Students from across the globe come to live the American college life. They come from different cultures, have no nearby family and often face a great language divide. Do they experience UB in the same way that American students do?
UB educates students from 101 countries across six continents. International students make up 4,463 those enrolled, which is 14.5% of UB’s total student population. UB has over 30 international student clubs.
In order to attend UB, international students must take English proficiency exams like the TOEFL (Test of English as a Foreign Language), write motivational essays and sometimes even complete screening interviews. This process helps admissions officers learn about an applicant’s background, goals, interests and qualifications.
Getting a student visa to enter the U.S. is a notoriously rigorous and lengthy process. Because of this, some applicants apply and submit their forms months in advance to avoid immigration issues.
While some international students reported an increase in their tuition during their study abroad at UB, Zoar Shachar, an Israeli-Dutch study abroad student from Amsterdam, shared that he pays the same tuition here as he would if he were back home, or about $2,700.
“It was an opportunity to go to a U.S. school and not pay the stupid high tuition,” Schachar said.
Certain applicants enrolled in special university or high school programs — sometimes in other countries — with the purpose of coming to America. Korean-Malaysian sophomore computer science student Alex Kim participated in one called an “American degree transfer program.”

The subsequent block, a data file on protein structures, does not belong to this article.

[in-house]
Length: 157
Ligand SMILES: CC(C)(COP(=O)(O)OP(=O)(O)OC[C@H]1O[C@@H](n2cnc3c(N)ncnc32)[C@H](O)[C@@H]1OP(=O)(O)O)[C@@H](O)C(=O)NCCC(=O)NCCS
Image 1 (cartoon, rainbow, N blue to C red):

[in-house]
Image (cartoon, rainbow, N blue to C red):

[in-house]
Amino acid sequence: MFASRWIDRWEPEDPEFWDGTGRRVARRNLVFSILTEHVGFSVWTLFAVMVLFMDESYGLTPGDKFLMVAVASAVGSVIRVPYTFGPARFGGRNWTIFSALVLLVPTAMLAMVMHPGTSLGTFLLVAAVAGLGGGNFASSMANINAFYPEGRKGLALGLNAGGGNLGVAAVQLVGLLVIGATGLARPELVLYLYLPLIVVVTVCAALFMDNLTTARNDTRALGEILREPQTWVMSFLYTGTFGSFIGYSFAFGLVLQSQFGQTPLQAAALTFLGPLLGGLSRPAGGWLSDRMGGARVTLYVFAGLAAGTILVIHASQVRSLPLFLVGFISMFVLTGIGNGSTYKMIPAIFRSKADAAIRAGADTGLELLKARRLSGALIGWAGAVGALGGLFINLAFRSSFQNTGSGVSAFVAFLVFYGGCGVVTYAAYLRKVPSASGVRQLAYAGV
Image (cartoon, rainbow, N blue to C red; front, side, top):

“So what we would do there is build up our credits in the college, and when we finally have enough, we can start applying to [foreign] universities,” Kim said.
Others made the move to get out of more authoritarian countries. Freshman Alexis Qiao came to UB to escape the tightened restrictions Chinese media censorship places on her as a theater major.
“We can’t say anything,” Qiao said. “If you post anything that’s kind of sensible or sensitive online, your account will just be suddenly banned, especially [if it’s] about the government. It’s hugely affecting the art environment.”
International students must also learn to adapt to the American style of life. Many of them said they were taken aback by the relatively frequent and nonchalant use of drugs, the broad range of fashion sense and American holidays.
“I did not think Halloween would be such a big thing,” IT and management major Kartik Vishwasrao, a student from India, said. “I saw it in the movies and whatnot, but I thought, you know, it would be a bit more relaxed.”
Stereotypes in other countries often depict Americans as loud and outgoing people. Experiencing this for the first time caught Korean junior psychology major Lily Song by surprise.
“At first, I wasn’t really used to the small talk, so if people asked me in the elevator, ‘How was your day?’ I’d say, ‘Yeah, it was great,’ and that was all,” Song said while laughing.
Some international students said language barriers, including their classmate’s fast-paced English, made it hard to make friends with students from the U.S. Those barriers and being thousands of miles away from home can make life for international students difficult, but they’ve managed to step up to the challenge.
“I’m here for six months, and I think rather than missing home I will enjoy my life,” Song said with a smile. “But I do miss the food.”
The features desk can be reached at firstname.lastname@example.org
Ferdinand Babiano is a contributing writer.